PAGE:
Social Policies in an Age of Austerity

Social Policies in an Age of Austerity

A Comparative Analysis of the US and Korea

KDI/EWC series on Economic Policy

Edited by John Karl Scholz, Hyungypo Moon and Sang-Hyup Lee

Social Policies in an Age of Austerity is the first major publication on the topic, with a particular interest in the United States and the Republic of Korea. The authors of the ten chapters in this book review recent developments in social policies in OECD countries, with a focus on achieving greater effectiveness in public spending on social programs, under increasingly tight national budgets. The contributions cover social and fiscal policy and issues in labor market policy, in addition to the effectiveness of social insurance, education and antipoverty policy.

Chapter 2: Tax and spend: the interplay of fiscal and social policy

John Karl Scholz and Hsueh-Hsiang Li

Subjects: asian studies, asian economics, asian social policy, economics and finance, asian economics, social policy and sociology, comparative social policy, economics of social policy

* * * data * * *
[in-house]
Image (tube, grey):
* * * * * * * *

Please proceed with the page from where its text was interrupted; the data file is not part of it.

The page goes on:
Karl Scholz and Hsueh-Hsiang Li examine the interplay of fiscal and social policy in the context of antipoverty policy, schooling, disability rolls and unemployment. They examine several potential explanations for the aversion of US policymakers to tax increases, and conclude that there is no obvious answer. The authors provide an overview of five major policies in the United States: antipoverty measures, K–12 education, infrastructure investment, unemployment and disability assistance, and population aging. They explain why poverty rates have changed little over time, even though per-recipient means-tested transfers have risen sharply. First, most of the increase in these antipoverty measures is due to the increasing costs of Medicaid: health insurance primarily for poor mothers, for very young children and for the indigent elderly who need nursing home care. Second, within the nonelderly and nondisabled group, there has been redistribution among low-income families, but it did not significantly affect the proportion of the population living in poverty. Concerning intervention in education, the authors mention that financing of education is the responsibility of state-level governments, whereas the federal government plays a relatively minor role. For this reason, financial and other constraints make progress difficult when trying to overcome the disadvantages related to poverty.

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